Renewables developer eyes green hydrogen deal

Irish-linked renewables developer Source Galileo plans to develop commercial green hydrogen production here and in Britain with French group Lhyfe.

Source Galileo and Lhyfe confirmed on Monday that they had signed a memorandum of understanding to join forces on producing and selling the gas to customers in industry and transport.

The pair already have plans for “multiple plants” in the UK and are assessing Irish opportunities, focusing on potential customers, land accessibility, power supply and national grid availability.

The venture intends to use onshore renewable electricity to produce green hydrogen, which is made by applying an electrical charge to water.

However, the partners say they could ultimately harness the “enormous offshore wind potential in Ireland and the UK”.

Green hydrogen is earmarked as a likely replacement for fossil fuels, particularly for heavy goods transport and for industries whose processes demand lots of heat.

The Government here outlined plans last year to develop hydrogen production using electricity from offshore wind. The UK has increased its hydrogen targets.

Source Galileo chief executive Kevin Lynch noted that the Republic and UK have hydrogen strategies.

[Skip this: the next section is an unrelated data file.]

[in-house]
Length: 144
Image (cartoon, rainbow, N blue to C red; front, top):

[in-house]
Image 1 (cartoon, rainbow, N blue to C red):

“Our partnership with Lhyfe provides an onshore and offshore platform and a major step forward from which to assist in delivering government hydrogen targets,” he added.

Stirling Habbitts, the company’s director of hydrogen business development, predicted that the partnership would help cut emissions in industries where this poses an additional challenge.

Lhyfe chief business officer Taia Kronborg said the deal represented an exciting opportunity.

“Green hydrogen is one of the key solutions to reaching net zero and the good news is it’s available today,” she said.

In 2021 Paris-listed Lhyfe opened the first industrial-scale green hydrogen production plant to be interconnected with a wind farm. The company has five sites across Europe on which it is either working or expanding.

Source Galileo is building large-scale offshore wind, onshore battery, solar and now hydrogen projects in western Europe. It is headquartered in London with offices in Dublin and Norway.